Small school was focal point of community

From our March 2012 issue

By Olga (Lukawesky) Hrycun – Penticton, B.C.

My first posting as a teacher in Alberta was in 1942 at Hollow Lake School. The school was one mile west of the post office and 10 miles south of Waskatenau on what is now known as Highway 831.

I taught at the school until 1945 and again for a year in 1954.

The school originally was in the Smoky Lake District but became part of the Thorhild County School District in 1947.

The school closed in the mid-1950s and was sold and moved to a local farmer in 1957. A small sign now designates where the school once stood.

The school was about five acres and contained a small ball field, water well, small teacherage for resident teachers, and an outhouse.

There were about 30 students from Grades 1 to 8 in this one-room school.

It had a small entrance for hanging clothes and lunch buckets and a water pail with a common community dipper.

The school was heated by a wood stove situated in the centre of the large room. The desks were single type and some were double ped-estal.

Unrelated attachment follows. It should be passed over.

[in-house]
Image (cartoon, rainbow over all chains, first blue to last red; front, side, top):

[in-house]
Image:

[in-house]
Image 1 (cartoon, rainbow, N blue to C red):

A janitor was usually hired for schools and quite often was one of the older students. The annual salary was about $25.

The janitor was responsible for starting the wood stove fire during the 30-below mornings. The janitor also cleaned the school after classes were over.

I often helped the janitor so they could get home sooner during the cold dark afternoons.

I was responsible for teaching all 8 grades. The older students often helped the younger ones with tasks such as reading and spelling.

I was also responsible for events as noonhour ball games, Christmas concerts, picnics, and collection of funds for the Red Cross.

I played the mandolin and enjoyed putting on those special events with the students. Parents were also active in the school by baking pastries for dances and volunteering their time and skills if they played a musical instrument.

The school was the focal point for the community.

The children rarely needed severe discipline as most were excited about studying and helping out.

The hand strap was still in use during this time, but I felt if the strap was used it was more the failure of the teacher than the student.

I rarely used the strap and now feel it should have been eliminated much sooner from the school system.

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